This summer I got a commission to make an Edwardian suit. This would be used at events where my customer would heighten the atmosphere together with her horse. She wanted a skirt, blouse and an apron. What a dream project! I was so eager to get started, but every step was taking unusually long time: I had to hunt down the package with the fabric order, as neither the fabrics, nor any note came to my post box. My pregnant body didn’t move as quickly and gracefully as it otherwise does, so the pattern making and cutting of fabrics was very challenging. Then there came this little boy… I missed out two deadlines, but thankfully, this dear customer told me not to hurry and just enjoy the first time with the baby.

I somras fick jag I uppdrag att sy en sekelskiftesdräkt, som skulle användas vid evenemang där min kund skulle agera stämningshöjare tillsammans med sin häst. Hon ville ha en kjol, en blus och ett förkläde. Vilket drömprojekt! Jag var så entusiastisk och hoppades på att kunna göra klart den innan förlossningen, men varje steg i processen tog ovanligt lång tid: När jag tyckte att jag väntat länge nog på tygerna var jag tvungen att spåra tygpaketet, eftersom de glömt att skicka en avi till min postadress. Min gravida kropp var långsam och otymplig, så det var en utmaning att kravla omkring på golvet för att göra mönstret och klippa tyg. Sedan kom den lille gossen… Jag missade båda kundens deadlines, men hon var förstående och uppmanade mig ta det lugnt och njuta av babytiden istället.

Costume suitable for a farmers wife.

This week, I could finish the cotton skirt at last. It is made of three panels – one in the front and two in the back – and is closed with hooks and eyes. The linen apron was the only piece finished before the delivery. I had made a mock up for the blouse, but still wait for an opportunity to fit it on my customer before I cut the fashion fabric. In the meantime, she can wear this lovely vintage blouse.

Den här veckan kunde jag äntligen sy färdigt bomullskjolen. Den består av tre paneler – en fram och två bak – och stängs med hyskor och hakar. Linneförklädet var det enda plagget som var färdigt innan förlossningen. Jag hade gjort en toille för blusen, men väntar fortfarande på ett tillfälle att testa den på min kund innan jag sätter saxen i blustyget. Tills blusen är klar får hon använda denna underbara vintageblus.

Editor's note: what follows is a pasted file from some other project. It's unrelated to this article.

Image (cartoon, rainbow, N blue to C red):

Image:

Mockup for the blouse and skirt. After tracing the skirt mockup to pattern paper, I made an petticoat of it.

In order to keep the price down, I made the pleats on machine. It took two hours to make, except for prewashing and calendering.

This is the Edwardian vintage blouse. It is made from quite heavy weight cotton and every seam is made on machine. It does not look home made.

The skirt

The whole costume

Today, I have also finished the changing table! My kind father in law bought the wanting piece of wood that would prevent the baby from falling down. I sawed this into three pieces and screwed them together. The inside was lined with camping mattress underneath oilcloth, fastened with glue gun. Then this frame was fixed to the changing table with screws. The frame serves both as a stabilizer and protection. I know that the changing table could have been steadier and more nice-looking if I had put more money into the right materials and if I had been able to construct it without interruptions. It does not look completely abhorring though, and it is steady when standing over the washing machine. As it answers our present needs, I am really happy with the outcome.

Idag blev skötbordet fullbordat! Min snälle svärfar köpte en fin mdf-skiva att ha som kant. Jag sågade till tre bitar, som jag skruvade ihop. Med limpistol limmade jag sedan fast liggunderlag och vaxduk på insidan av träramen. Sedan skruvade jag fast ramen på själva skötbordet. Förutom att skydda barnet från att rulla ner från skötbordet, stabiliserar den också själva bordet. Jag är medveten om att skötbordet hade kunnat bli både stadigare och finare om jag hade lagt mer pengar på rätt material och om jag hade kunnat jobba ostört. Nu kom vi i alla fall billigt undan och det ser inte helt fasansfullt ut. Eftersom det tillgodoser våra behov nu, är jag faktiskt riktigt nöjd med resultatet.

Our baby loves being on his changing table, beneath the shelf that I made for him. During the last week, he has also started talking to the animals at the shower curtain.


Regency Pregnancy and Nursing Gown

As I suppose that my body shape will not be what it used to be for a long time, I wanted to make a modest gown for the last part of my pregnancy and the nursing period. I do not know if the fabric is accurate for regency fashion, but as I still have several metres left, I used the striped cotton fabric yet again!

Eftersom jag är medveten om att min kropp förmodligen inte kommer vara sig lik på väldigt lång tid framöer, ville jag sy en vardagsklänning att använda under sluttampen på graviditeten och under amningsperioden. Jag vet inte om tyget är korrekt för empirmodet, men jag har ju fortfarande tiotals meter kvar, så jag använde samma tyg igen.

I used a bodice, where the lining is laced in the front and the dress fabric is gathered with drawstrings. I was inspired by many different vintage gowns, among which are these: